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A study of aerosol transport using vortex methods.

Flynn M
Atlanta, GA: U.S. Department of Health and Human Services, Public Health Service, Centers for Disease Control and Prevention, National Institute for Occupational Safety and Health, R03-OH-003902, 2001 Dec; :1-32
The long-term goal of this project was to develop a CFD model for assessing respiratory exposure to airborne particulate matter on the basis of aerosol size and density. The discrete vortex method (DVM) was chosen for modeling the airflow in this project because it is well-suited for capturing the time-dependent flow which occurs when a person stands in front of a local exhaust ventilation hood. The original specific aims of this research project were: 1. Write a program which models flow of monodisperse aerosols in the near wake for a bluff body flow, and test the program for solution convergence; 2. Run numerical simulations of air flow and particle motion matching initial conditions of the experiments performed by Helgeson (1992) with mondisperse aerosols having various Stokes numbers flowing past a cylinder, and compare the results of these numerical simulations with data from Helgeson's experiments to identify limitations in the models. The first specific aim was implemented in a straight-forward manner. Before integrating the DVIVI with the particle-tracking algorithm, benchmark testing of the particle tracking code was performed for a single particle moving in a uniform velocity field. This testing demonstrated good agreement between simulation results and an analytic solution when particle size was at or below 0 (10 1). For larger particle sizes, an error maximum occurred around time 0(r) then vanished over long times. Here, r = particle relaxation time. During the course of model development, it became obvious that a rigorous test of the convergence properties of the discrete vortex method was required. The DVM was tested at Reynolds numbers of 5,232 and 140,000. For the higher Reynolds number tested here, convergence with respect to the time-averaged characteristics of the flow and validation with experimental data were found easily. Convergence was not demonstrated at the lower Reynolds number. The second specific aim was not fully accomplished because testing of the airflow model 'required much effort. Furthermore, it was found that the original dataset to be used was inadequate for validation purposes. For this reason, laboratory experiments were performed to obtain particle velocities and concentrations downstream of a cylinder. Although polydisperse particles were used in the experiments, the most reliable of these data was for particles with a Stokes number of 0(1 0- 7). Preliminary testing of the particle-tracking module in conjunction with the DVM revealed sensitivity to particle size and location of particle release into the domain. Furthermore, a more detailed preliminary simulation matching the experimental conditions showed some agreement with the particle concentration field, although this agreement was not in entirety. Comparison of the time-averaged concentration field for this small particle simulation and a tracer gas simulation revealed large differences. The tracer gas had a uniform concentration everywhere in the domain. In contrast, the small particles collected at the edge of the recirculation zone; this high concentration region extends into the far wake of the cylinder. Unfortunately, definitive results were not garnered with the particle tracking code. For this reason, no conclusive statements can be made with respect to the implications of these results for worker exposure to particulate matter.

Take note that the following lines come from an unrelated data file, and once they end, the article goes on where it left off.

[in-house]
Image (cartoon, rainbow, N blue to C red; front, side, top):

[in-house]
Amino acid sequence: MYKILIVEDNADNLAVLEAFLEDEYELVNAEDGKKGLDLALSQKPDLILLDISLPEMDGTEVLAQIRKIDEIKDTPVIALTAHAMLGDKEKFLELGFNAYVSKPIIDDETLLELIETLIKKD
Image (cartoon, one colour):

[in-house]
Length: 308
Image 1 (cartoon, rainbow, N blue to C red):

Aerosols; Airborne-particles; Particulate-dust; Particulates; Airborne-dusts; Air-flow; Exhaust-ventilation; Models; Ventilation; Simulation-methods; Occupational-exposure
Publication Date
Document Type
Final Grant Report
Funding Type
Fiscal Year
Identifying No.
NIOSH Division
Priority Area
Research Tools and Approaches; Exposure Assessment Methods
Source Name
National Institute for Occupational Safety and Health
Performing Organization
University of North Carolina, Chapel Hill, North Carolina
Page last reviewed: May 5, 2020
Content source: National Institute for Occupational Safety and Health Education and Information Division